When they were friends: Egypt and Iran
Iranian President Ahmadinejad's visit to Cairo, the first by an Iranian head of state in decades, may herald the long awaited restoration of historically close ties between the two nations
Holly Dagres , Monday 4 Feb 2013
On Tuesday, President Mahmoud Ahmadinejad will be the first Iranian president in decades to visit Egypt in order to attend a summit on the Organization of Islamic Cooperation (OIC) in Cairo. This has sparked the usual outrage amongst groups like the ultra-conservative Salafists, the Egyptian branch of Wahhabism that is practiced in Saudi Arabia.
Last August, Egyptian President Mohamed Morsi made an equally historic move -- that angered many in Egypt -- when he visited Iran to attend the Non-Alignment Movement (NAM) Summit.
Although Ahmadinejad is known for controversy, it was Morsi who stirred up some when he used notable Sunni rhetoric and attacked the Iranian-backed Syrian regime. The Iranians added to it by ‘mistranslating’ the Egyptian President’s speech by replacing “Syria” with “Bahrain” and “Arab Awakening” with “Islamic Awakening”.
Given Ahmadinejad’s history of altercations, there is no telling what the Iranian President will have in store while in Cairo, although it is for certain that his speech will have Shia elements in it to the discomfort of the Sunni-dominated OIC.
But before Egyptian and Iranian waged speech battles, there was a time these two countries shared profound relations, dating back to the time of Shah Mohammad Reza Pahlavi and his father Reza Shah, and even further to the time of the Persian Empire.
The Shah’s first wife, Princess Fawzia of Egypt, was sister to the last reigning monarch of Egypt, King Farouk I, before the Free Officers Coup in 1952 ended monarchy in Egypt. The two had a daughter together, Princess Shahnaz of Iran (Many Iranians, as well as Egyptians do not know of her existence), but got divorced shortly after her birth due to Fawzia’s unhappiness.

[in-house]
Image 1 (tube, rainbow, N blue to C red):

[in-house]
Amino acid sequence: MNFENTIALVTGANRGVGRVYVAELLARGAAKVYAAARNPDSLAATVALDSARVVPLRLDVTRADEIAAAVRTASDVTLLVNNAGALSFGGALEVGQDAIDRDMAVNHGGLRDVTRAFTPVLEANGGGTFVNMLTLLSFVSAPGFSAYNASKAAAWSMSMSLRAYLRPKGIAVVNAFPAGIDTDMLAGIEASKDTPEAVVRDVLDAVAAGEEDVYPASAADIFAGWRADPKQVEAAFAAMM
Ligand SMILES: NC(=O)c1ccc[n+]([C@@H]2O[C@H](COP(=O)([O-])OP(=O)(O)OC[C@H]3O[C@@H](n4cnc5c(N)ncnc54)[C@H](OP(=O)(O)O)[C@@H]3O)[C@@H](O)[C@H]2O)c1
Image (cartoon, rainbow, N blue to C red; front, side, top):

However, even after his divorce, the Shah’s regime continued to have relations with the Arab Republic of Egypt, albeit being a great antagonist of Gamal Abdel Nasser over Iran’s controversial relations with Israel, and Nasser’s admiration of Prime Minister Mohammad Mossadegh and his nationalist policies. [It is often said that Nasser’s nationalization’s of the Suez Canal was inspired by Dr. Mossadegh’s nationalization of Iran’s oil industry]. Ironically, Iran quietly had diplomatic relations with the Jewish State by having a secret Israeli Embassy in Tehran, while working closely with Mossad to train Iran’s intelligence agency and security apparatus, the SAVAK.
It was the personal friendship between Mohammad Reza Pahlavi and Anwar al-Sadat, as well as Sadat’s pro-U.S. policies, that really brought the two nations close. When the Shah passed away from cancer in July 1980 Egypt, the last place he had been exiled to, was the only country willing to take his body for burial. Ever since, the Shah has been buried in the same mosque as his former-in-laws, King Fouad and King Farouk I, at al-Refa’i in Cairo.
The Herald Tribute called Sadat, “The only world leader to stand by the Shah during 18 months of sickness and scorn,” from the time he left Iran in January 1979 to July 1980, when he passed away.